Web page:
Toyota appears to be wanting to muscle in on the small European van market, revealing a compact delivery van concept this week called the Urban Utility (or U2).
Destined for the NYC World Maker Faire this month, the U2 Concept is billed as merging "the size of a compact car with the functionality of a compact truck and the spaciousness of a cargo van" - and a dash of SUV styling thrown in.
With everything ahead of the B-pillar looking like a compact soft-roader and everything rearward being, well, a box, the U2 places an emphasis on small size, but big practicality.
To maximise its load-carrying capability, the U2's tailgate hinges downward to form a ramp, the roof retracts to accommodate tall cargo, the passenger seat is removable for longer items and there's plenty of clearance between the rear arches.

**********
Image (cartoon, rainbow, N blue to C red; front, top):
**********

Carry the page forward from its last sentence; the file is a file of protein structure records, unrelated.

The floor is also low and flat to ease loading, and a multi-purpose rail system mounted at hip-height allows job-specific racks and storage bins to be mounted.
The dashboard also features a tablet device in lieu of a fixed infotainment display, as well as an integrated desk and a bicycle-like floating centre console.
Penned by Toyota's Calty design centre in California, the U2 Concept was designed with the "desire for greater utility but a smaller vehicle footprint" in mind, with city-based small business being the target customer.
It's purely a design study for now and Toyota isn't talking about powertrain options at all (though that low floor virtually guarantees it'll be front-wheel drive), but public reaction may determine whether the USA - and Toyota is ready to follow Europe into the world of compact delivery vans.
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